Alessandro Albana

Alessandro Albana

Adjunct Professor, Department of Asian and North African Studies, Ca’ Foscari University of Venice

Alessandro Albana is an adjunct professor at the Department of Asian and North African Studies of the Ca’ Foscari University of Venice. He earned his PhD in "Global and International Studies" from the University of Bologna. Alessandro collaborates with the Asia Institute in Bologna, and the Fudan Development Institute at Fudan University in Shanghai. Alessandro’s research interests span the domestic politics and foreign policy, the political development, and the social movements of China and East Asia.

 

A person uses a phone in front of an installation featuring the logo of the third Belt and Road Forum, in Beijing, China, on 16 October 2023. (Tingshu Wang/Reuters)

What Italy’s likely exit from the BRI says about its relations with China

While Italy’s imminent withdrawal from the BRI is a symbolic setback, the country still plans to engage China and reap the economic benefits. Would this be easier said than done with the departure from the MOU ruffling the Chinese and the need to keep within the lines drawn by the EU? Italian academic Alessandro Albana examines the issue.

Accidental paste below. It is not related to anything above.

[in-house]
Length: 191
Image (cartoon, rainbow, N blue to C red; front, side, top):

Members of the EU Parliament vote during a plenary session at the European Parliament in Starsbourg, France, 13 June 2023. (Yves Herman/Reuters)

One Union, many voices: The EU’s fragmented approach to China

Europe’s disunity may be working to its disfavour, says Italian academic Alessandro Albana. While Brussels and some EU member states emphasise “de-risking”, there are other factors to think about, such as Europe’s long-term economic relations with China and the possibility that China can play a role in bringing an end to the Ukraine war.
Italian Prime Minister and leader of Brothers of Italy party Giorgia Meloni gestures as she attends an event to mark the 10th anniversary of the foundation of Brothers of Italy party in Rome, Italy, 17 December 2022. (Remo Casilli/Reuters)

Italy’s right-wing government can't make up its mind about China?

Italian Prime Minister Giorgia Meloni and her party seem to be adopting a see-saw position on China, notes Italian academic Alessandro Albana. In contrast to voicing strong criticisms in the run-up to the elections, the new right-wing government seems to be engaging China, not least with PM Meloni striking a rapport with China’s President Xi Jinping at the G20 Summit in Bali. Do economic imperatives trump election rhetoric after all?